My company's ISP has implemented what I'll term DNS "grey listing" (or they have a configuration problem) - they are blocking inbound DNS queries between [resolver IP, server IP] pairs that haven't attempted a query in the last 60 seconds. So the if the first query fails, further queries succeed so long as less than 60 seconds have passed since the previous attempt. I assume this is to hide hosts from scans, under the assumption that a legitimate resolver will retry the query. They may even be blocking all UDP packets to combat port scans, but I haven't found a way to test this yet.

It turns out that Cisco IronPort devices generally have a retry interval longer than 60 seconds. (15 seconds to try each secondary DNS server, then 60 seconds before retrying the primary) My company can't receive email from most organizations with IronPort devices.

My feeling is that at least one of these behaviors is just wrong. So my questions are:

1) What are the recommended retry intervals for DNS resolvers? Can you reference an RFC or other source, or is it a de facto industry standard?

2) Is DNS or UDP "grey listing" a standard practice? References?

EDIT - Some additional background details:

Both of my company's DNS servers are affected, as is our ISP's primary nameserver. Their secondary nameservers, which actually reside outside their network, and nameservers upstream from any affected hosts are not affected. We also have a second ISP, and DNS queries that come in through that route are not blocked. Packet traces on our external firewall shows that we answer all DNS queries received - the dropped queries aren't delivered to our networks. My main goal in asking this question is to have a standards document to show our ISP (or less likely, Cisco) that their behavior is broken and needs to be fixed.

  • I haven't found any standards on these, but I did find someone trying to do UDP grey listing: serverfault.com/questions/644869/… Looks like serverfault users are against this practice
    – adipy
    Commented Nov 19, 2014 at 15:40
  • Is this device in line with the ISP's recursive/caching DNS servers, their authoritative servers (ones that host domains for their customers), or both? This isn't really specified.
    – Andrew B
    Commented Nov 19, 2014 at 17:46
  • @AndrewB My company's servers and our ISP's servers are authoritative for their respective domains. I'm not sure which device you're referring to? The IronPort devices are outside these networks.
    – adipy
    Commented Nov 19, 2014 at 18:51

1 Answer 1


DNS servers fall into a few different groups:

  • Authoritative server
  • Public recursor
  • Non-public recursor

In none of those cases will it make any sense to try to hide their existence. The authoritative DNS servers have to be publicly reachable in order to do the task they were set up for in the first place. A public recursor is pointless if you try to hide its existence. And if you run a recursor which is not supposed to be public, then instead of trying to hide it, simply block requests to it from an unauthorized client IP.

From your question it sounds like the DNS server you are asking about is authoritative for your zone. So I assume it is an authoritative DNS server.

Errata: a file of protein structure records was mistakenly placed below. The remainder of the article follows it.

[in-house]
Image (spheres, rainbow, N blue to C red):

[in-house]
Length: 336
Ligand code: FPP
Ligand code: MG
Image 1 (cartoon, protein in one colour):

Both authoritative DNS servers and public recursors receive queries from arbitrary client IP addresses, and that means they could potentially be used in amplification attacks.

Unfortunately the DNS protocol offers no good protection against such attacks. The behavior you describe might be a very poor attempt at protecting against such attacks.

There are ways in which a DNS server can protect against amplification attacks without as much of an impact as what you describe.

  • Don't apply countermeasures when no attack is happening. Instead look for the ICMP error responses that an attack would cause, and apply countermeasures when a possible attack has been detected.
  • Don't drop requests, instead send a reply with no answer section and set the truncated bit. This will cause any proper DNS client to retry using TCP.
  • Since TCP is more resistant to spoofing, replies can be send without worrying about amplification attacks.
  • Remember IP addresses which successfully queried over TCP. Those can be allowed to query over UDP in the future.

What I describe here is not some official best practices, it is to the best of my knowledge the best you can do to protect against amplification attacks with the DNS protocol as it looks today. I am not aware of any actual implementation of this approach.

  • I'm leaning towards the idea that this is actually a UDP policy to combat port scanning, rather than being specific to DNS. However I can't think of another UDP port that generates a response that is likely to be open.
    – adipy
    Commented Nov 19, 2014 at 18:32
  • @adipy If the goal is to slow down port scans, then a rate limit on ICMP errors would be sufficient. Moreover since packets to open ports don't generate ICMP errors, they won't be negatively impacted by such a rate limit.
    – kasperd
    Commented Nov 19, 2014 at 18:40
  • That would be better - I should have said I suspect it's a misguided UDP policy. But at this point I'm taking shots in the dark. We have a service request open with the ISP now, I'll know soon enough what they're doing.
    – adipy
    Commented Nov 19, 2014 at 18:54

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